Screenwriting 101: Stephany Folsom

August 26th, 2014 by

“Don’t worry about getting an agent or a manager. When you have enough quality work under your belt, the agencies and management companies will come calling. Worry about telling stories you’re passionate about. Because the doors are wide open to everyone, it means you really have to care about what you’re writing, and be willing to fight for it for months or years.”

– Stephany Folsom (GITS Interview, April 4, 2014)

Screenwriting 101: Brian Koppelman

August 19th, 2014 by

“The job of the writer on a studio assignment is to deliver a shootable script as defined by other people — the director, actors, producers, and studio. Has the writer been devalued in town? For sure. And wrongly so. And the practice has no doubt made the overall quality of studio movies worse. But it is the current state of play, and there’s no changing it.”

Brian Koppelman

Screenwriting 101: Danny Boyle

August 12th, 2014 by

“Beyond persistence, the only advice I ever give to young filmmakers is, don’t be shy in the way you tell a story. Be bold. There is that great quote, boldness has genius in it. People forgive you many things, if you remember that.”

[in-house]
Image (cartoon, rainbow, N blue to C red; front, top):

Danny Boyle

Screenwriting 101: Robert Mark Kamen

August 5th, 2014 by

“I write original screenplays every year besides the movies I get made, and I just put them away. Write what makes you excited, and if it makes you excited, and you’re any good, it will excite somebody else. And if it doesn’t excite them to buy it, it will excite them to let you write something that they have. Focus on what makes you happy every day, because you have to sit down every day and look at that blank page. And what’s gonna get you off? What’s gonna make you happy that day besides finishing the day, is that you write something that makes you have that particular feeling.”

Robert Mark Kamen

Screenwriting 101: Guillermo Arriaga

July 29th, 2014 by

“I have no education at all in screenwriting. But when I have read all these manuals of screenwriting, they say things that I will never follow. And I have learned that the first rule of screenwriting, or any art, is having no rules. Everyone has to find their own way of doing things.”

Guillermo Arriaga

Screenwriting 101: J.J. Abrams

July 22nd, 2014 by

screenplay“Whether it’s alternate universes or time travel, the idea that reality isn’t exactly what we assume it is is the sort of primordial ooze of any great out-there story, certainly in sci-fi and arguably in non-sci-fi as well. The idea that just around the corner something unbelievable might exist, that behind that door might be something you could never imagine. I’ve always been obsessed with the feeling that there’s another level of understanding in the world, whether it’s something as fantastical and fanciful as The Wizard of Oz, as dark and freaky as The Ring or as wild and thrilling as The Matrix. The idea that this world we know isn’t just this world we know but that a package might arrive at your door or a phone call might come in, and suddenly you’re in a portal to a different realm.”